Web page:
Menswear highlights from Paris Fashion Week Fall/Winter 2024
Paris Fashion Week Men’s Fall/Winter 2024 painted the City of Lights in a kaleidoscope of contrasting hues, where whispers of understated luxury mingled with bold cries of avant-garde expression. It was a week that traversed the landscape of menswear, from the sun-kissed plains of Pharrell Williams’ American West at Louis Vuitton to the intimate salons of Rick Owens’ Parisian abode.
Chitose Abe, the mastermind behind Sacai, transformed the runway into a captivating battlefield of style. Her signature blend of tradition and avant-garde took root in pieces imbued with a dark, utilitarian edge, reminiscent of ancient warriors reimagined for the modern metropolis. Towering round sleeves, channelling the spirit of Japanese samurai armour, stood as the collection’s centrepiece, each crease and curve speaking volumes about Abe’s innovative reinterpretation of historical silhouettes.
Meanwhile, Pierpaolo Piccioli’s collection for Valentino skillfully contrasted traditional masculine wardrobe essentials with fluidity, celebrating the emergence of the modern gentleman.
Some of the biggest trends from this season saw attendees sport various silhouettes of the classic overcoat. From dramatic lapels cinched at the waist with a belt to oversized leather blazers, puffers, varsity jackets and technical zip-ups. Hats of all forms were the accessory of the season. Fuzzy hats like the ushanka, beanies, headbands and caps proved to be the perfect accessory to complete the look all while staying cosy.
Below, we wrap up the highlights from Men’s Paris Fashion Week.
Givenchy’s first runway show since the departure of Matthew M Williams unfolded in the historic haute couture salon in Hôtel de Caraman. The collection, designed by an in-house team, paid homage to the duality of Hubert de Givenchy’s public and personal wardrobes. Eclectic offerings included cat-adorned vest tops, synthetic hair fronds, and sculptural hats. Tailoring, often double-breasted and narrow in silhouette, remained a constant, leaving the audience intrigued about the future creative direction of the house.
The latest Prada’s Fall-Winter 2024 menswear collection beautifully captures the essence of our innate emotional connection to the familiar and the cycles of nature. It goes beyond mere fashion, offering a genuine reflection of the environment and the changing seasons, emphasising the authenticity of the outdoors. The designs evoke a desire to venture outside, embracing the world in its raw and natural state. In a society increasingly immersed in artificial realities, the clothes serve as a refreshing ode to the genuine experiences and emotions tied to the ever-changing beauty of the world around us.
Jonathan Anderson’s Loewe collection drew inspiration from Los Angeles-based artist Richard Hawkins, creating a visual spectacle with a mood of irreverence and youth. The collection featured oversized leather cargo pants, chequered shirts, and sweatpants adorned with Hawkins’ vibrant collages. Anderson’s exploration of the idea of collage reflected the way modern life has become a continuous stream of algorithmic images, offering an exciting and dynamic perspective on fashion.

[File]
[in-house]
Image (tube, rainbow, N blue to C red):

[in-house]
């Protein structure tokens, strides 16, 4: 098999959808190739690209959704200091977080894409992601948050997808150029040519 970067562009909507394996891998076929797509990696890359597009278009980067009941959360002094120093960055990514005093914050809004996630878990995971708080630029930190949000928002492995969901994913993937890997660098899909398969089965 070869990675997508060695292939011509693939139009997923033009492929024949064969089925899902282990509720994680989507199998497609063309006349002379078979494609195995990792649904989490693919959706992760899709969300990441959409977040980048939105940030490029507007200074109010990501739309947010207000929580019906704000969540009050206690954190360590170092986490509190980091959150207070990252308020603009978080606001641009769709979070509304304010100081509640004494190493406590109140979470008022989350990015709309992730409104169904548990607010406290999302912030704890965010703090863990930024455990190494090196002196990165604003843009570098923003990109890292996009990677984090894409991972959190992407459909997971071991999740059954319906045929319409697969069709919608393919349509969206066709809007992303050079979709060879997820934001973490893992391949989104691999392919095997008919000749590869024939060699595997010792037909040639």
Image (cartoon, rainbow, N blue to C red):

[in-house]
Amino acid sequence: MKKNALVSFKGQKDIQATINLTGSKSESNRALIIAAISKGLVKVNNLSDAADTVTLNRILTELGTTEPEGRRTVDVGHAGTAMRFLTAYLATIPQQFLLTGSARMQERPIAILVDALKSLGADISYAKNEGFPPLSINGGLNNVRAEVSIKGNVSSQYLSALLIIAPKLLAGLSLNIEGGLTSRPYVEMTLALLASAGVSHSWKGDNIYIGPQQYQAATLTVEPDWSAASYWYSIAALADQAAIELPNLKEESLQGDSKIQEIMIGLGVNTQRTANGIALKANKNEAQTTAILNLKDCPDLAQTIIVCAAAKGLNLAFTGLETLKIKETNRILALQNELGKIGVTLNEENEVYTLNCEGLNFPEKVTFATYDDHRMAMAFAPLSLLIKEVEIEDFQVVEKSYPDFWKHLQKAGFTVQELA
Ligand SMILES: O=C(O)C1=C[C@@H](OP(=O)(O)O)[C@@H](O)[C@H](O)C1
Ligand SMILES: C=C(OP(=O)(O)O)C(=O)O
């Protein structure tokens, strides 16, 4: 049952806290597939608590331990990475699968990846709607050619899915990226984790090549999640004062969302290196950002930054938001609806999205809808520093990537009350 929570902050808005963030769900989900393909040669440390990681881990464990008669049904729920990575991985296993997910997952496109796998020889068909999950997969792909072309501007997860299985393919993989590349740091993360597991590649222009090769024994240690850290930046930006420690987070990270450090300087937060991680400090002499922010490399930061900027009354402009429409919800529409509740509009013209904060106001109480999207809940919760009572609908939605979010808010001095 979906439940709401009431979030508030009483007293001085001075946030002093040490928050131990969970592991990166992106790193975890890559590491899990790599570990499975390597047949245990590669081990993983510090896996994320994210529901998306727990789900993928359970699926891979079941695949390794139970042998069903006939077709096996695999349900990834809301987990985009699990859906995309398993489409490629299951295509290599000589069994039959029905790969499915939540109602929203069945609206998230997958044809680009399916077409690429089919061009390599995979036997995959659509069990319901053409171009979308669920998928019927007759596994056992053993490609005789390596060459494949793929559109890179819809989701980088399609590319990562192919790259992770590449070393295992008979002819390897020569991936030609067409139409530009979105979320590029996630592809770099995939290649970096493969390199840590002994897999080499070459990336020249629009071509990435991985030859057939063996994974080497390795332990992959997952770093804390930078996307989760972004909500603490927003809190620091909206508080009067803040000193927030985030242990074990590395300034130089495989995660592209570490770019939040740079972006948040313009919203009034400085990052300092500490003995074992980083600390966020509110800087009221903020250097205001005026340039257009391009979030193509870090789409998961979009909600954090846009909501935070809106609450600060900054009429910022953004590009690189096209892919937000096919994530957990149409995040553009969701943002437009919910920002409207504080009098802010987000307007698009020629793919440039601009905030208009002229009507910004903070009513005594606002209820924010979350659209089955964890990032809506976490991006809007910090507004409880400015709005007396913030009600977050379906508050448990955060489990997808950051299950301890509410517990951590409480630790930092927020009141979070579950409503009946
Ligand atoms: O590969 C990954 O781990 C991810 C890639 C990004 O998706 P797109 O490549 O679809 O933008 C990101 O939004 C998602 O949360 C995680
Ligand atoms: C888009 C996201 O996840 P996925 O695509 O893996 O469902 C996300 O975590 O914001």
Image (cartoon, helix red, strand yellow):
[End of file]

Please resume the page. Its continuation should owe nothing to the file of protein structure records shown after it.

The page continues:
Kim Jones presented one of his strongest outings for Dior, inspired by the Soviet-born ballet dancer Rudolf Nureyev. Divided into ready-to-wear and couture, the collection explored the contrasts within the house of Dior, from backstage to onstage. Twisting turbans, wide-tailored shorts, and fluid tailoring showcased a harmonious meeting of the dancer’s style with the Dior archive. The couture looks, presented on a rotating platform, were theatrical expressions of Jones’ vision, capturing the essence of Nureyev’s legendary dance to freedom.
Pierpaolo Piccioli, the creative force behind Valentino, showcased a menswear collection that delved into contemporary manhood through the lens of colour. The ornate salons of Paris’ Monnaie de Paris served as the backdrop for the show, bathed in breezy sky blue. Piccioli aimed to resignify the colour traditionally associated with femininity, presenting it as something fluid. The collection featured softer lines and embellishments, reimagining classic menswear garments with a touch of haute couture influence.
Véronique Nichanian’s three-decade-long tenure at Hermès continued to captivate with a focus on creating garments that please both visually and physically. The menswear show showcased a range of outerwear options, from shearling-lined leather parkas to shorter peacoats adorned with playful utility pockets. The collection also featured a melange of knitwear, layered and adorned with painterly prints. Hermès’ signature accessories, including spacious carry-alls and textured bags, added a final touch of seduction to the collection.
Pharrell Williams took Louis Vuitton to the Wild West in an ode to the American cowboy. The show, set in Paris’ Bois de Boulogne, featured denim chaps, cowboy hats, and Western-style shirts with pearl and sequin adornments. Williams aimed to broaden the vision of the cowboy trope, collaborating with artists from the Dakota and Lakota nations. The collection incorporated Native American designs on Louis Vuitton’s iconic pieces, creating a visual and cultural exchange.